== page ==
Ex-minister Lametti agrees to send social media records to official archives following Rebel suit

In a Federal Court case that raises questions about the preservation of politicians' public records, former justice minister David Lametti has offered to transfer his once-deactivated X account to Canada’s official archives.

Chief Justice Paul Crampton dismissed motion brought by Ezra Levant and Rebel News

Justice Minister David Lametti is pictured at a news conference.
Justice Minister David Lametti speaks during a press conference in March of 2023. (Spencer Colby/The Canadian Press)

In a Federal Court case that raises questions about the preservation of politicians' public records, former justice minister David Lametti has offered to transfer his once-deactivated X account to Canada's official archives.

Lametti, who served as attorney general between January 2019 and last summer's cabinet shuffle, agreed to a multi-step undertaking after Rebel News and its founder Ezra Levant took him to court for deactivating his account on X, formally known as Twitter.

Lametti, who left federal politics at the end of last month, maintained an account to communicate with the public. His account had a grey check mark, meaning his account had been confirmed as representing a government or multilateral organization or official.

The court heard that after Levant realized around Jan. 25 of this year that the account had been deactivated, he quickly filed a motion on behalf of himself and his media company to have the account reinstated before it was permanently deleted after 30 days.

Ezra Levant, shown March 2, 2016.
Ezra Levant says he sees the court decision as a win. (Canadian Press)

Levant and Rebel argued that by deactivating his account, Lametti "prevented them and other X users from viewing, replying, reposting, or using the Community Notes feature on any and all posts previously made on that X account."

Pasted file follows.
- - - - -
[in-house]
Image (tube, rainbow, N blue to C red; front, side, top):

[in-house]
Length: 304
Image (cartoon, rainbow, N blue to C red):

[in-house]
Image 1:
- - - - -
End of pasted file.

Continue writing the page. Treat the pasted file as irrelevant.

The community notes feature allows users to add corrections and clarifications to posts.

Levant and Rebel also argued that by deactivating his account, Lametti hindered public access to government information, suppressed "crucial voices in public debate on posts that can no longer be interacted with, shared, or commented on," and violated Charter rights.

They also expressed a particular interest in the public posts made by Lametti related to the government's decision to invoke the Emergencies Act in early 2022.

Lametti reinstated X account 

According to court documents, Lametti reactivated his account around Jan. 29 and agreed to a list of steps to preserve the account's records.

The former minister agreed to provide Library and Archives Canada with full access to government and ministerial records for the purpose of transferring them to the librarian and archivist, and to not ask the librarian and archivist to destroy any records obtained from him that are under their custody or control. He also agreed to transfer his entire X account archive to Library and Archives Canada.

Because Lametti reinstated the account, Chief Justice Paul Crampton dismissed the motion by Levant and Rebel News.

"If there ever was any risk that any data, information or other material associated with the X account might be destroyed, whether inadvertently or otherwise, the reactivation of that account, together with the undertaking, have eliminated such risk," he wrote.

"It bears emphasizing that the undertaking provides for the transfer of the entirety of [Lametti's] X account to Library and Archives Canada."

Crampton also pointed out that "a very substantial number of posts on the X Account" are available on the Wayback Machine, an internet archive website.

"I am satisfied," said Lametti in an email after the decision.

During a court hearing earlier this year, Rebel and Levant raised concerns about the transfer of data to Library and Archives Canada.

As an alternative, Rebel sought an order requiring that Lametti provide a copy of an archive of the X account to them and to the Librarian and Archivist of Canada.

"The applicants have not identified any sound basis for the court to be concerned about the ability of Library and Archives Canada to preserve the full archive of the X account," wrote Crampton.

In an email to CBC News, Levant said he still sees a win in the fact that Lametti has to submit an undertaking to the court within seven days and must give Library and Archives Canada custody of the records.

"I think that's a victory even though our preservation order was denied. Neither of the above points would have happened without our lawsuit," said Levant.

"In fact, the main thing happened the moment we filed the lawsuit: Lametti un-deleted the account."

Levant said he's still consulting with his lawyers about next steps.


Catharine Tunney is a reporter with CBC's Parliament Hill bureau, where she covers national security and the RCMP. She worked previously for CBC in Nova Scotia. You can reach her at catharine.tunney@cbc.ca

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